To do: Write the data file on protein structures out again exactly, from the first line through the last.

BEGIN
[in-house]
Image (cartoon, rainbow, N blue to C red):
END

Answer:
[in-house]
Image (cartoon, rainbow, N blue to C red):